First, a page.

The Orioles are battling through their toughest stretch of the season with seven games against the first place New York Yankees, three with the Houston Astros and three with the Boston Red Sox.
Much of the success against these playoff-caliber teams will hinge on pitching.
So far, the results have not been positive.
The Orioles dropped their opening two games to the Yankees, 9-6 and 9-4. New York has hit a mesmerizing 11 home runs during the two games, extending their major-league single-season record for most by a visiting team in one ballpark to 38. The Milwaukee Braves set the previous record in 1957 with 29 homers at Crosley Field (Cincinnati).
The Yankees managed to accomplish that feat without sluggers Giancarlo Stanton and Edwin Encarnación. Infielder Gleyber Torres was pulled from the Aug. 6 game after two at-bats. New York has also won 14 consecutive games at Camden Yards, its longest winning streak at an opponent's stadium.
"It sucks," Orioles manager Brandon Hyde said. "It's not even the big boys, either, which is pretty scary. They have a ton of power that's not even in their lineup and they've hit 11 home runs in two nights without Stanton and Edwin and Gleyber has got the side issue. So the other guys are hitting homers off our pitchers. It just shows you how long we have to go to be a competitive team in the American League East, and to have the pitching to be able to compete.
"Their guys are just way better than our guys."
Indeed, the Orioles had gone won 10 of their last 17 games heading into this series, but the Yankees showed them how far they still have to go with their rebuild.
Orioles pitchers have struggled to keep the ball in the park, which has been a season-long trend.
In the 9-6 loss Aug. 5, Gabriel Ynoa made his first start since June 30 and allowed four runs and five hits, including two homers, during 4.2 innings. Lefty Paul Fry (1-4) took the loss after allowing three runs and three hits in two-thirds of an inning.
The following day, right-hander Asher Wojciechowski (2-5) took the loss after he allowed six and five runs, including three homers, during 4 innings. Righty David Hess also allowed a pair of home runs in the ninth inning and his ERA is 7.42.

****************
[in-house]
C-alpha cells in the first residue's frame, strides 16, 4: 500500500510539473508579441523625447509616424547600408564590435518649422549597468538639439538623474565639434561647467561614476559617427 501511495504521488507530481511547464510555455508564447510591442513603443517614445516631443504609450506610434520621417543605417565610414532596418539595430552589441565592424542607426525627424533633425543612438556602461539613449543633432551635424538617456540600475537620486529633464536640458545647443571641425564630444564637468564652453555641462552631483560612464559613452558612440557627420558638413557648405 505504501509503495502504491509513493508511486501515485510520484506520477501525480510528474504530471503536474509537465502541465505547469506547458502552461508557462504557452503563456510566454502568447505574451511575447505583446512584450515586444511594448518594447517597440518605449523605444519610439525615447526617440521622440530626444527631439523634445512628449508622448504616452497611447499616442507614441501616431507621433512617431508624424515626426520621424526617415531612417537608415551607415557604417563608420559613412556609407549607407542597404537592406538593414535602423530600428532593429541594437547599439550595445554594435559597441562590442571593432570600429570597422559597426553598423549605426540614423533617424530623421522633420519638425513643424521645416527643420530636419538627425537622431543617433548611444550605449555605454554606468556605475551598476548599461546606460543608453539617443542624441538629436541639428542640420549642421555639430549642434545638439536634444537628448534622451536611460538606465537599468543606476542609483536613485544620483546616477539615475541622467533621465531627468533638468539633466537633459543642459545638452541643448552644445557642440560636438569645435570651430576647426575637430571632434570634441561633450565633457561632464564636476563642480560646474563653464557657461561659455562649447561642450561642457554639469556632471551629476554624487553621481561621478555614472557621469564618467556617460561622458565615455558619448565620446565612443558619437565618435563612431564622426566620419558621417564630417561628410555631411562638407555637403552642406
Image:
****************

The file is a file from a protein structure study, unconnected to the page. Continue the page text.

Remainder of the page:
The Orioles have allowed 229 home runs and are on pace to shatter the MLB record for homers in a season.
"This is a results business," Hyde said. "If you're going to pitch here, you've got to be able to keep the ball in the ballpark. Our numbers don't lie. We just have a long way to go. I don't know what else to say. It's hard to watch."
The road doesn't get any easier with three games against the Astros beginning Aug. 9. Houston is perhaps the best team in the MLB and is the current favorite to win the World Series at 2:1.
Despite the discrepancy in talent, Hyde wants to see his players continue to compete.
"This is August, playing against really good teams and there's nothing better than that for me," he said. "Take it as a challenge. I want our guys to take it as a challenge. I want our guys to play to win and compete like they've been doing and not back down from anybody and play hard. We're playing teams that have improved from the deadline, that are playing for something, and that's a feeling that I can't wait to have in that room in there, is playing for an opportunity to play deep into October. So we have nothing to lose.
"We're just trying to improve and we're just trying to compete, and these guys are playing for different things than we are right now. I want to match that intensity and not back down from anything."